|Burkholderia pseudomallei colonies on a blood agar plate|
The Burkholderiales are an order of Proteobacteria.Like all Proteobacteria, they are Gram-negative. They include several pathogenic bacteria, including species of Burkholderia , Bordetella , and Ralstonia . They also include Oxalobacter and related genera, which are unusual in using oxalic acid as their source of carbon. . Other well-studied genera include Alcaligenes , Cupriavidus , Achromobacter , Comamonas , Delftia , Massilia , Duganella , Janthinobacterium , Polynucleobacter (important freshwater bacterioplankton), non-pathogenic Paraburkholderia , Caballeronia , Polaromonas , Thiomonas , Collimonas , Hydrogenophaga , Sphaerotilus , Variovorax , Acidovorax , Rubrivivax and Rhodoferax (both members of the photosynthetic purple nonsulfur bacteria), and Herbaspirillum (capable of nitrogen-fixation).
Proteobacteria is a major phylum of gram-negative bacteria. They include a wide variety of pathogens, such as Escherichia, Salmonella, Vibrio, Helicobacter, Yersinia, Legionellales and many other notable genera. Others are free-living (non-parasitic) and include many of the bacteria responsible for nitrogen fixation.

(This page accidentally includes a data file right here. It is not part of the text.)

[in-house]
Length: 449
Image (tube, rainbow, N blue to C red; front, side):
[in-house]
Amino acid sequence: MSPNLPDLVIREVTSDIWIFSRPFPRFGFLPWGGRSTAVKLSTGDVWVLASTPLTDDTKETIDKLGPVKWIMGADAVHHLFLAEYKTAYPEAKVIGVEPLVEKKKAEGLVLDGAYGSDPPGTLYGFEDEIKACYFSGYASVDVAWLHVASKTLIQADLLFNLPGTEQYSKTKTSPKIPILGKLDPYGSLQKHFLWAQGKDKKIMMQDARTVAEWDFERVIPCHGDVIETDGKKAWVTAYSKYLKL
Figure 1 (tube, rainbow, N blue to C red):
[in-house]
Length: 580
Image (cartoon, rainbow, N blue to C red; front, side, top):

Burkholderia is a genus of Proteobacteria whose pathogenic members include the Burkholderia cepacia complex which attacks humans and Burkholderia mallei, responsible for glanders, a disease that occurs mostly in horses and related animals; Burkholderia pseudomallei, causative agent of melioidosis; and Burkholderia cepacia, an important pathogen of pulmonary infections in people with cystic fibrosis (CF).
Bordetella is a genus of small, Gram-negative coccobacilli of the phylum Proteobacteria. Bordetella species, with the exception of B. petrii, are obligate aerobes, as well as highly fastidious, or difficult to culture. All species can infect humans. The first three species to be described ; are sometimes referred to as the 'classical species'. One of these is also motile.
Gram-negative bacteria are bacteria that do not retain the crystal violet stain used in the gram-staining method of bacterial differentiation. They are characterized by their cell envelopes, which are composed of a thin peptidoglycan cell wall sandwiched between an inner cytoplasmic cell membrane and a bacterial outer membrane.